“I’m no yenta, but I think this is going to work." - Jim Rogers
"Let me not to the marriage of true minds
Submitted for your consideration an item most notable for its soothing palliative tone in which the unusual is normalized. As the age's intellectual insanity assumes the proportions of a plague, the experience of reading the herald of these plague years, the New York Times, becomes more and more like reading dispatches from the alternate universe of "hoping these changes stick." That the changes can only stick if the core of the more normative America holds both economically and militarily (even as the 'changy' culture struggles to destroy it) is where the hoping enters in.
Still it is an item imbued with sweetness in the coyly named "Weddings & Celebrations" section of the Times. It really has it all when it comes to the modern nature of love in a time of cultural cholera: Vows - Kate Adamick and Kay Diaz - Weddings and Celebrations - NYTimes.com [Emphasis carefully added]
"The two women were introduced Feb. 4, 2008, via an e-mail message from their mutual friend, Jim Rogers, the New York State deputy attorney general in the social justice division, for which Ms. Diaz, 45, is a senior trial counsel....
On Valentine’s Day the women exchanged photographs. “It’s an absolute bonus she is as beautiful as she is,” Ms. Adamick said. They scheduled their first phone call four days later. Lengthy, nightly conversations ensued....
The next day Ms. Adamick flew back to New York from California. To her surprise, Ms. Diaz was waiting for her at Newark Liberty airport with two dozen roses. The connection was instantaneous. “She dropped the flowers on the ground and kissed me,” Ms. Adamick said. “We were making out in the car like two teenagers,” Ms. Diaz said. By the following morning they were engaged. 'It just came out of my mouth...' "
A little more than a year later, on May 8, the couple were legally married by Jeanne Laughlin, a Connecticut justice of the peace, in a conference room at the Stamford Government Center.
They exchanged yellow pipe-cleaner rings, saving their engraved gold bands for their public ceremony the next day, when Mr. Rogers — who had introduced them — led them through their vows in the three-story atrium of 632 on Hudson, an event space in a 19th-century New York town house.
“All my life I searched for you, but never thought I’d find you,” Ms. Adamick said. “All my life I dreamed of you, but never dreamed you were real.”
Mr. Rogers said, “You may both kiss the bride,” and their 96 friends and family cheered as the couple smiled exuberantly.
"And," as Walter Cronkite would totalled up the whole passel of perfection if he'd attended, "That's the way it is."
Having not been invited, all I can say is that they seem like a nice, attractive couple and that I wish them all the happiness they can garner from the world. Life's tough enough on the denizens of this relentlessly advancing and evolving world, and tougher still without love.
And yet for all that it seems to me that the report of the affair as scribbled by the oddly yet predictably named "Devan Sipher" in the 'paper of [the broken] record' is trying too hard to retain a deadpan affect; a state in which the writing does not "dumb it down" so much as it "blands it out."Continued...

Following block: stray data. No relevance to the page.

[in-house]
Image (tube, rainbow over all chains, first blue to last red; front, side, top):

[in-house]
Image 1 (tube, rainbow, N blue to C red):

Who says a major in English Lit is wasted? The Boston Globe decided to use the first line from Thomas Pynchon's Gravity's Rainbow: See the whole front page here.
"A screaming comes across the sky. It has happened before, but there is nothing to compare it to now.
"It is too late. The Evacuation still proceeds, but it's all theatre. There are no lights inside the cars. No light anywhere. Above him lift girders old as an iron queen, and glass somewhere far above that would let the light of day through. But it's night. He's afraid of the way the glass will fall--soon--it will be a spectacle: the fall of a crystal palace. But coming down in total blackout, without one glint of light, only great invisible crashing." -- Thomas Pynchon: Gravity's Rainbow (opening)
"And I thought of all the bad luck,
And the struggles we went through
And how I lost me and you lost you."
-- Don Henley
There's a lot of it being bandied about these days. Change, that is. Mostly in the realm of the Politics of life. Despite all the hand-wringing and introspection that goes on in this area, I've come to believe that the Politics of life are easy. It's the Poetics of life that are tough.
Changing your politics by either softening or hardening or completely reversing your positions on issues is such a simple intellectual feat that almost anyone, even politicians and lawyers, can manage it. At bottom, it is mostly a matter of viewing or "re"-viewing your internal map of how the world should be, and taking up those positions or opinions or policies that you believe will lead the world from "what it is" to "what the world should be."
Thoughtful and engaged citizens of the nation or of the world continually assemble and reassemble their political beliefs to resemble their visions of the world and its continual becoming. All of which implies, to a greater or lesser extent, some individual control over the creation of policies which determine -- to some degree -- political outcomes.
Politics is the great game of our globe. It is now and always has been the only blood sport played well by both warriors and wimps. This is as it should be since blood or treasure must often be spilled to obtain any one of many possible outcomes. In all this, change may be for the better or the worse, depending on where you stand, but change will come, have its way and send the butcher's bill.
And the butcher's bill will always be more than you imagined you would have to pay. In blood and in treasure, the stakes are fates.